Election 2016: Freedom and Peace versus Slavery and War

Election 2016: Freedom and Peace versus Slavery and War

Electing Communism, progressivism, socialism, or whatever Democrats Hillary Clinton and Bernie Sanders label their platform of taxing, spending, and freedom-bashing, guarantees more slavery and more war.

WASHINGTON, Jan. 30, 2016 — Election 2016 is not just a choice between the Republican and Democratic nominees. It is also a critical inflection point compelling, as few U.S. elections have, a decision between freedom and slavery.

Election 2016 is really a choice between domestic peace and civil war.

Standing on the brink of America’s second Civil War

Slavery is an abomination. It converts humans into property and forces them into captivity, robbing them of their sovereignty and dignity.

Slavery is an ancient institution. Hebrew slaves built Egyptian temples; African slaves harvested New World tobacco and sugar. Ottoman Sultans enslaved European boys to serve in their army and their court.

Slavery is ubiquitous.

Globally, 30 million people are “property.” Africans and Asians labor as agricultural slaves. Chinese peasants are smuggled into the West as indentured laborers. Yazidi girls in Iraq and Syria are sold and raped by ISIS fighters.

Human traffickers trade in the flesh of children worldwide.

But morality evolves. Ragusa—now the city of Dubrovnik, Croatia—was the first republic to prohibit slavery on this date in 1416. Mauritania was the last, in 2007. Today, slavery is, like piracy, genocide, and terrorism, universally outlawed.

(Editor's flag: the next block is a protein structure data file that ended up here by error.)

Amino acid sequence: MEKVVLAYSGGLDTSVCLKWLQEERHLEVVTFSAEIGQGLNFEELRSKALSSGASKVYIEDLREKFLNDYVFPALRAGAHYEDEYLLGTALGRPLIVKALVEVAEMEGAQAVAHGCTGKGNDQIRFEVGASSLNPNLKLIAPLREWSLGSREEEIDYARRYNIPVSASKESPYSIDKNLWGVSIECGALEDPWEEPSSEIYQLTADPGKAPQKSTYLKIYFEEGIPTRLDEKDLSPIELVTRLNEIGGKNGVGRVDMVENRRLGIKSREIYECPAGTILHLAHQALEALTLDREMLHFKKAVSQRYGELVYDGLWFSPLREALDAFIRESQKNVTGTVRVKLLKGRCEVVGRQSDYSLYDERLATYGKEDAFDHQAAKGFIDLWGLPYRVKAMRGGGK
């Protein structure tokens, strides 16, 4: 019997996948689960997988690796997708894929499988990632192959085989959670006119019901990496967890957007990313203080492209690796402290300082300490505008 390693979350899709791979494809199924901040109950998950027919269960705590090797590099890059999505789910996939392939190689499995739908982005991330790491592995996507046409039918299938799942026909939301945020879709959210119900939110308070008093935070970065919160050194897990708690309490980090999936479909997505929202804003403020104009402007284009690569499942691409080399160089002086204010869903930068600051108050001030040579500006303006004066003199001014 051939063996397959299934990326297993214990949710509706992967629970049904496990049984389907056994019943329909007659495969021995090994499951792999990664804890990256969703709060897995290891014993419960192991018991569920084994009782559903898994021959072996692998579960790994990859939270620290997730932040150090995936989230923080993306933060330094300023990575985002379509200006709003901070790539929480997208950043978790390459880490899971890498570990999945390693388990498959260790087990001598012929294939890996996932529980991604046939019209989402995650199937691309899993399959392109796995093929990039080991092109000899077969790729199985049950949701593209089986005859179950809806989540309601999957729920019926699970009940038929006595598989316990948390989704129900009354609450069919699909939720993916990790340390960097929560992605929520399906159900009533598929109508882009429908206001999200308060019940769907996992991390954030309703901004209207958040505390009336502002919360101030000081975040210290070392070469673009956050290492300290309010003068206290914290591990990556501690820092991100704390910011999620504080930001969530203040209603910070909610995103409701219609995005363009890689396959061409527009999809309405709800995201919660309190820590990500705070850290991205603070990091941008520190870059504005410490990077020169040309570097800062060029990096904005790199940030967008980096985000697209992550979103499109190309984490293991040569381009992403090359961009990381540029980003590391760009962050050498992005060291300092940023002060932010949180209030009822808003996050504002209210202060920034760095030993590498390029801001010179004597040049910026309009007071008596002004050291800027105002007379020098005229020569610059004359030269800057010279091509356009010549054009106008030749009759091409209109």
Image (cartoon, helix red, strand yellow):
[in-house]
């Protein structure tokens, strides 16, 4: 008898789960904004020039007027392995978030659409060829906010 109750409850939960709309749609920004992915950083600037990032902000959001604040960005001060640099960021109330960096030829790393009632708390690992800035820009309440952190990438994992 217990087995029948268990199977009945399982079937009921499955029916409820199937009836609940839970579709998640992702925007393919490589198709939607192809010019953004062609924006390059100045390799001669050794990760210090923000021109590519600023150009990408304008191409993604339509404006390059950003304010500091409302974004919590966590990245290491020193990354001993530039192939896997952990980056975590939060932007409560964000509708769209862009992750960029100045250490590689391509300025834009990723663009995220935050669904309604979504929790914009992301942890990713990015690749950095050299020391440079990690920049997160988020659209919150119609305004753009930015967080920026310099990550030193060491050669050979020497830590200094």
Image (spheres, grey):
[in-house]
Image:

Freedom is the antithesis of slavery. Freedom is the absence of force. It gives one choice: One’s body, mind, time, and toil are one’s own.

Absolute slavery and total freedom exist only in theory. All governments use force to promote various ends. The Cato Human Freedom Index rates 190-plus nations on relative freedoms of speech, religion, assembly, travel, economic opportunity, and safety.

Finland and North Korea are the most and least free nations on the index.

Contrast Finland, a representative democracy and North Korea, under communism
Contrast Finland, a constitutional republic, with North Korea, a communist totalitariani state

Between these extremes, most of the world’s people enjoy some autonomy, even if they are constrained by states or other agents. Yet freedom is dynamic; whatever freedom people possesses can be given away gradually or stolen in an instant.

As President Ronald Reagan admonished,

“Freedom is never more than one generation away from extinction … It must be fought for, protected, and handed on for [our children] to do the same.”

History bears him out.

Despite the preachers of non-violent resistance, only force and the threat of force ever made and kept anyone free. Western Europe was liberated from Nazi Germany and Kuwait from Iraq by violence.

Israel, South Korea, and Taiwan are free because their citizens and allies kill and die to resist enslavement.

Freedom can be destroyed from within. In the last hundred years, 150 million people of the wrong ethnicity, religion, class, or ideology were enslaved and snuffed by Nazi, Soviet, and Maoist dictatorships. They were butchered on killing fields, in gulags, and in death camps.

Only the ghosts of murdered Armenians, Jews, Soviets, Chinese, Cambodians, Bosnians, Rwandans, Sudanese, and Middle Eastern Christians remain, mute witnesses to slaughter.

Those who do not defend their fragile freedom from foreign conquerors or domestic tyrants forfeit it and become slaves—or worse.

To prove this proposition, contrast Croatia—the modern nation that incorporates the first republic to outlaw slavery—with the U.S., for two centuries the world’s beacon of freedom.

Croatians were vassals for 1,000 years under Hungarian, Venetian, Ottoman, French, Austrian, and Italian rule. No sooner did they regain independence during World War II than Marshal Tito imported communism from the Soviet Union to imprison them within Serb-dominated Yugoslavia.

Despite Tito’s guarantee of free healthcare, education, and employment, Yugoslav medical care was poor, education was propaganda, and the command economy yielded poverty.

The Communist Party barred non-members from professions and schools while obliterating freedoms of speech, assembly, and worship.

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